# [Solution] Flipping Failure solution codechef

Table of Contents

## [Solution] Flipping Failure solution codechef

Flipping Failure solution codechef – Chef has a binary string S with him and he wants to modify it using the following two types of operations –

• Type 1 : Choose any two indices i and j such that 1 \leq i, j \leq |S| and swap S_i and S_j. This operation costs 1 rupee and can be performed any number of times.
• Type 2 : Choose any prefix of length i, where 1 \leq i \leq |S|, and reverse this prefix of the binary string. This operation is free of cost and can be performed at most once.

Chef wants to obtain the lexicographically smallest string. Can you help him find the minimum cost to obtain the lexicographically smallest string?

Note:

• |S| denotes the length of the string S.
• A string A is lexicographically smaller than string B, if A_i \lt B_i, where i is the first index where A and B differ.

## [Solution] Flipping Failure solution codechef

• The first line of input will contain a single integer T, denoting the number of test cases.
• Each test case consists of a single line of input denoting S, the original string.

### Output Format

For each test case, output the minimum cost to obtain the lexicographically minimal string.

### Constraints

• 1 \leq T \leq 5\cdot 10^4
• 1 \leq |S| \leq 10^5
• The sum of |S| over all test cases won’t exceed 5\cdot 10^5.

### Sample 1:

Input

Output

3
1010
101
100100

1
0
1


## [Solution] Flipping Failure solution codechef Explanation:

Test case 1: You can perform an operation of Type 1 by choosing i = 2 and j = 3. So from 1\textcolor{violet}{0}\textcolor{olive}{1}0, you get 1100, and it has cost you 1 rupee so far. Then, you perform an operation of Type 2, by choosing i = 4. So you reverse the entire string, and so from \textcolor{red}{1100}, you get 0011. This operation is free of cost. This is the lexicographically smallest string that you can achieve, and it cost us 1 rupee to get there. So the answer is 1.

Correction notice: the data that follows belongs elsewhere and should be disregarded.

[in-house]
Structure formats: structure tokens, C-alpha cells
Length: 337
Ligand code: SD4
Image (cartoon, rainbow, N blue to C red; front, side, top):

Test case 2: You can perform an operation of Type 2, by choosing i = 2. So you reverse the prefix of length 2, and so from \textcolor{red}{10}1, you get 011. This operation is free of cost. This is the lexicographically smallest string that you can achieve, and it cost us 0 rupees to get there. So the answer is 0.

Test case 3: You can perform an operation of Type 1 by choosing i = 4 and j = 6. So from 100\textcolor{violet}{1}0\textcolor{olive}{0}, you get 100001, and it has cost you 1 rupee so far. Then, you perform an operation of Type 2, by choosing i = 5. So you reverse the prefix of length 5, and so from \textcolor{red}{10000}1, you get 000011. This operation is free of cost. This is the lexicographically smallest string that you can achieve, and it cost us 1 rupee to get there. So the answer is 1.